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The Economic Crisis Of The United States

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The year 2008 was marked by an economic crisis in the United States that had international repercussions. Many events are cited as instigators of the subprime mortgage crisis, however, in the United States, the crisis was caused by three main factors: poor lending practices, the dot-com bubble burst and the after-effects of 9/11. Together, these factors led to the creation of a housing bubble that burst in 2008. A housing bubble is “defined by rapid increases in the valuations of real property until unsustainable levels are reached in relation to incomes and other indicators of affordability” (Bianco, 2008). 1.1 United States Before the Financial Crisis After the dot-com bubble burst in the early 2000’s, the United States’…show more content…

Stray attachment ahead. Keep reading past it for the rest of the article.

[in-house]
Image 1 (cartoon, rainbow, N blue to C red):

Essentially, a subprime loan is one in which “the borrower has blemished credit, usually measured by a FICO credit score” (Wallison, 2010). Moving forward from 2001, the United States saw an increase in subprime borrowing. This resulted in an increase in homeownership rates and demand for housing in the years leading up to 2008. In 2004, the United States peaked when homeownership reached 69.2% (Bianco, 2008). In addition, the rise in demand also fueled an increase in the values of homes (Bianco, 2008). Since interest rates were so low, homeowners also adopted other measures such as refinancing their homes and taking out second mortgages (Bianco, 2008). According to Forbes, subprime mortgages increased to represent approximately one-fifth of the U.S. home loan market in 2006 (Jacobs, 2009). That year, approximately 84% of all subprime loans were from private financial institutions to middle and low-income persons (Denning, 2011). In 2003, in order to help stimulate the U.S economy, Alan Greenspan, the Federal Reserve Board Chairman suggested, “that homebuyers were wasting money buying fixed rate mortgages instead of adjustable rate mortgages”(Baker, 2009). Fixed rate mortgages did seem attractive at the time as mortgage rates had reached 50 year lows. Most homebuyers could have afforded the ARM during this period; however, most homebuyers did
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